Thursday, May 26, 2011

Just Don't Talk About It

A gag rule was passed in the United States Congress May 26th 1836, so slavery wouldn’t have to be dealt with.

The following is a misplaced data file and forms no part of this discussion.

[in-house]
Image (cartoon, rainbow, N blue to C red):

Abolitionists in an attempt to agitate against slavery, beginning in 1831 gushed the United States Congress with petitions requesting restriction or abolishment of slavery. Most of these petitions were presented for the people by John Quincy Adams. The proslavery members of Congress met these petitions with a series of gag rules which deliberately prevented them from even being read or discussed. The United States House of Representatives passed the Pinckney Resolutions, known as the “gag rule” on May 26th 1836 by a vote of 117 to 68. Adams argued against the “gag rule” saying it was a violation of the First Amendment, which gives people the right “to petition the Government for a redress of grievances". Public objection to the “gag rules” added supporters to the antislavery cause. The “gag rules” were rescinded in 1844.

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